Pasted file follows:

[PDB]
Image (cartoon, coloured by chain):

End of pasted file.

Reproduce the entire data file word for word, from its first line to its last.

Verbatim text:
[PDB]
Image (cartoon, coloured by chain):